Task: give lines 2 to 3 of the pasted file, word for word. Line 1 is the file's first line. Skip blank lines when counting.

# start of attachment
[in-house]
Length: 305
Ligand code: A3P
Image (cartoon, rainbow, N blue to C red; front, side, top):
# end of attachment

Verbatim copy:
Length: 305
Ligand code: A3P